- Associated Press - Tuesday, December 13, 2011

NAIROBI, Kenya (AP) — An American military drone that was used to monitor piracy off the East African coast crashed Tuesday at an airport on the island nation of Seychelles during a routine patrol, officials said.

The U.S. Embassy in Mauritius said that the unmanned U.S. Air Force MQ-9 Reaper was not armed and that the crash caused no injuries. The crash sparked a fire that was quickly extinguished.

Lina Laurence of Seychelles‘ civilian aviation authority said the drone developed engine problems minutes into its flight and needed to land as soon as possible Tuesday morning.

“But due to its accelerated landing speed, the aircraft was unable to stop before the runway’s end,” Ms. Laurence said.

The embassy’s statement said the cause of the crash is being investigated.

“It has been confirmed that this drone was unarmed and its failure was due to mechanical reasons,” Ms. Laurence said.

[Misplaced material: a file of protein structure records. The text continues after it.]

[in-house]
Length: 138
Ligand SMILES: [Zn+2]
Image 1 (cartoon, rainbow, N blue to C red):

The affected runway was closed for about 10 minutes as a “precautionary measure” but later was reopened with no disruption to airport operations, Ms. Laurence said.

The U.S. military and the civilian aviation authority of Seychelles have coordinated to remove the debris, officials said.

The MQ-9 Reaper is a medium-to-high-altitude unmanned aircraft system with sensors that can provide real-time data. The Seychelles-based MQ-9s, which are used to monitor piracy activities in and around the Indian Ocean, don’t carry weapons, though they have the capability to do so.

Tuesday’s crash follows last week’s claim by Iran that it had seized a drone identified as a RQ-170 Sentinel. Tehran said it was captured over the country’s east. The nearly intact drone was displayed on state TV and flaunted as a victory for Iran in a complicated intelligence and technological battle with the U.S.

U.S. officials said the unmanned aircraft malfunctioned and was not brought down by Iran. President Obama said Monday the U.S. wants the top-secret aircraft back and has delivered a formal request for the return of the surveillance drone, though it isn’t hopeful that Iran will comply.

The U.S. has used drones to hunt down al-Qaeda-linked militants in Somalia and Yemen, among other countries. Their humming is a constant feature in the sky in many of the major towns in southern Somalia, especially the capital of Mogadishu and the militant-controlled southern port of Kismayo. It was not clear whether drones operated out of the Seychelles are used for that purpose.